Military Counseling Network

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The Military Counseling Network (MCN) is a non-profit GI Rights organization dedicated to being a free source of information to U.S military members concerning military regulations and discharges, with an emphasis on working with those members who are looking to apply for a conscientious objection discharge.[1] The Network is a project of the German Mennonite Peace Committee (Deutsches Mennonitisches Friedenskomitee, DMFK) and is located in Bammental, Germany in the DMFK offices. MCN is part of the GI Rights Network.

MCN exists as a source of information concerning a wide range of regulations and discharges, such as conscientious objection, medical, and hardship to U.S military members stationed in Europe. Counselors do not provide legal advice, but can assist callers in finding lawyers in their area who can give them appropriate advice.

History[edit]

In September 1986, Bill Boston created the ‘Military Counseling Project – Mutlangen’ in West Germany, offering an independent source of information about GI rights and discharge possibilities for US servicemembers. In the Fall of 1987, Janice Hill and Andre Gingerich Stoner joined with Boston and created the ‘Military Counseling Network.[2]

The first mission statement read: Presently more than 250,000 members of the US military and their families and US civilian employees are stationed in the Federal Republic of Germany. Many of them suffer violations of rights and face conflicts of conscience and other difficulties within the military. The Military Counseling Network advises US soldiers free of charge about their rights under military law and can assist them in achieving various discharges (conscientious objection, medical, hardship, etc.). The network of trained civilian counselors was established because soldiers are often poorly informed of their rights and until now had no source of assistance in Germany outside of the military. The network also seeks to build bridges and foster dialogue between US soldiers and the German population in order to break down stereotypes and prejudices. MCN counselors are committed to the principles of nonviolence. The network works in close cooperation with European, American, and international human rights, peace, church, and women’s groups.[3]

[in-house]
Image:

Through trainings in cooperation with the Central Committee for Conscientious Objectors (CCCO), the network expanded and included counselors in Berlin, Frankfurt, Mutlangen, Heilbronn, Tübingen, and Hunsrück. All of the counselors contributed on a voluntary, part-time basis, while continuing in their other jobs until August 1990, when MCN officially closed due to financial struggles and a number of counselors leaving the area.[2]

Later that month, however, Iraq invaded Kuwait, and the US military build-up in the Middle East began. Over 100,000 US troops were deployed from Europe, and the need for MCN rose. During this time, MCNs' caseload increased, and counselors were even brought over from the US to help with the counseling. By mid-1995, however, MCN was disbanded as a coordinated organization after a decrease in case load.[2]

In 2003, as the United States prepared for another war in the Middle East, David Stutzman saw the reemerging need for military counseling. With the help of the Mennonite Central Committee, Connection e.V, and Ohne Rüstung Leben, MCN was re-founded as a project of the Deutsches Mennonitisches Friedenskomitee (the German Mennonite Peace Committee) 17 days before the War in Iraq began.[2] Since 2004, when the Mennonite Mission Network also came on as a supporting partner, there have been two full-time personnel in the office.[4]

Awards[edit]

2008 Friedrich Siegmund-Schultze-Förderpreis (Friedrich-Siegmund Schultze Prize for Nonviolent Action) [5]

References[edit]

  1. ^ Der Spiegel, english article [1].
  2. ^ a b c d MCC Peace Office Newsletter: Military Counseling Network: Helping Military Sevicemembers Lay Down Their Arms MCC Peace Office Newsletter Archived 2008-08-20 at the Wayback Machine.
  3. ^ MCN, “Request for Funding,” p. 2.
  4. ^ The Mennonite Weekly Review
  5. ^ EAK - Kurzinformation zur Preisverleihung 2008 [2].

MCC Peace Office Newsletter

External links[edit]